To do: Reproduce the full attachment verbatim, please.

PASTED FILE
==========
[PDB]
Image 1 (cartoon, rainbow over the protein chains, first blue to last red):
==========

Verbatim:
[PDB]
Image 1 (cartoon, rainbow over the protein chains, first blue to last red):